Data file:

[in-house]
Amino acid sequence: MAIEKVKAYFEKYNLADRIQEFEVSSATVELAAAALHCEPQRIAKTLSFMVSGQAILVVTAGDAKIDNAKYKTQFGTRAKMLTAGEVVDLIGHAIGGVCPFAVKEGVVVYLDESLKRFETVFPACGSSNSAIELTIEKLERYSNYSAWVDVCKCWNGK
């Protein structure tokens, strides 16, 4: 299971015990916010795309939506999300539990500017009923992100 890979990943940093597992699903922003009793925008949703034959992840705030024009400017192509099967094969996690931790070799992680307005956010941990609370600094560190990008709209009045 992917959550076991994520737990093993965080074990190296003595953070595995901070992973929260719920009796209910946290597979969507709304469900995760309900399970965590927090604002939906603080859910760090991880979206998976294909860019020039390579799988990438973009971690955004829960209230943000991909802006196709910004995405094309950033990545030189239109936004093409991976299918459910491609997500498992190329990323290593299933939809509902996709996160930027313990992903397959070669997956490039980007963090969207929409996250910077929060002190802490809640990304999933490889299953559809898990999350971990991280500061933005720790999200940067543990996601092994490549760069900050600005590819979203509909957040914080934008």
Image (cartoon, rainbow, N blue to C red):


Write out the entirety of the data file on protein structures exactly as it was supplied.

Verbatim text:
[in-house]
Amino acid sequence: MAIEKVKAYFEKYNLADRIQEFEVSSATVELAAAALHCEPQRIAKTLSFMVSGQAILVVTAGDAKIDNAKYKTQFGTRAKMLTAGEVVDLIGHAIGGVCPFAVKEGVVVYLDESLKRFETVFPACGSSNSAIELTIEKLERYSNYSAWVDVCKCWNGK
């Protein structure tokens, strides 16, 4: 299971015990916010795309939506999300539990500017009923992100 890979990943940093597992699903922003009793925008949703034959992840705030024009400017192509099967094969996690931790070799992680307005956010941990609370600094560190990008709209009045 992917959550076991994520737990093993965080074990190296003595953070595995901070992973929260719920009796209910946290597979969507709304469900995760309900399970965590927090604002939906603080859910760090991880979206998976294909860019020039390579799988990438973009971690955004829960209230943000991909802006196709910004995405094309950033990545030189239109936004093409991976299918459910491609997500498992190329990323290593299933939809509902996709996160930027313990992903397959070669997956490039980007963090969207929409996250910077929060002190802490809640990304999933490889299953559809898990999350971990991280500061933005720790999200940067543990996601092994490549760069900050600005590819979203509909957040914080934008």
Image (cartoon, rainbow, N blue to C red):